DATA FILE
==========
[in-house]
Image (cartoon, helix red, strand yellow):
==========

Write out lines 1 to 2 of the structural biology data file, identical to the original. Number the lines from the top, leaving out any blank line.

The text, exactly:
[in-house]
Image (cartoon, helix red, strand yellow):